Military industry profits from governments’ violations of rights of refugees

Especially since the attacks on the WTC and the Pentagon in September 2011, the security market has become of increasing importance to the military industry. For border security alone, business information provider Visiongain estimates the worth of the global market for 2013 will be over 19.3 billion dollars. Strategic Defence Intelligence, a similar company, stated that border security will be one of “the key drivers in the homeland security market.”

Large border security orders are due in Australia (drones) and the United States (surveillance towers), but Europe also plays its part.

The EU border agency Frontex has been considering the use of drones to guard southern European borders for some time now. Ilkka Laitinen, executive director of Frontex, said drones could be used to expand the area of work, “to arrange the delivery and the production of additional surveillance data from an area that is beyond the border, typically we are talking about international borders or some further areas”. Laitinen also praised the industry: “Our experience with the co-operation with industry is very positive – they have a lot of good ideas and they brought many new innovations.”

Probably, the industry is even as happy with Frontex, that has been paying weapons and security equipment manufacturers to participate in demonstrations of equipment which national agencies attended as potential customers. Lockheed Martin, FAST Protect AG, L-3 Communications, FLIR Systems, SCOTTY Group Austria, Diamond Airborne Sensing and Inmarsat were paid 30,000 euros to show their drones in Greece in October 2011, Frontex recently revealed. Thirteen companies, including Thales and Israeli Aerospace Industries demonstrated technological solutions for maritime surveillance, against reimburstments ranging from 10,000 euros to 198,000 euros. Meanwhile, the Spanish Guardia Civil leads the research into the use of drones for the EU, after it cooperated with Thales in the Framework Program-research program WIMAAS, focusing on the use of drones for border control.

Following the drones demonstrations, Frontex has launched a tender to purchase “aerial border surveillance service – aircraft equipped with multi-intelligence sensors, radio communication means, ground station and personal equipment, in order to perform aerial surveillance at the external EU land border between Greece and Turkey.” The surveillance has to take place between July and September this year. So, for now Frontex will merely buy the use of aircraft instead of actually purchasing the aircraft itselves.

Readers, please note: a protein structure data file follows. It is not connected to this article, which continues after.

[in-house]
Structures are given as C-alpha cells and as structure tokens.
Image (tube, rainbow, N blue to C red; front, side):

The agency does, however, fund the purchase of two AW139 intermediate twin helicopters for the Italian border police. AW stands for AugustaWestland, a daughter company of Italian arms company Finmeccanica. The contract includes an option for an additional six helicopters.

Governments’ focus on militarizing borders to keep refugees out stands in sharp contrast to worrisome messages by human rights organisations about the violations of rights of refugees. Amnesty International stated in its press release accompanying the publishing of its ‘Annual Report 2013’: “[T]he rights of millions of people who have escaped conflict and persecution, or migrated to seek work and a better life for themselves and their families, have been abused. Governments around the world are accused of showing more interest in protecting their national borders than the rights of their citizens or the rights of those seeking refugee or opportunities within those borders.”

[MA, 23 July 2013]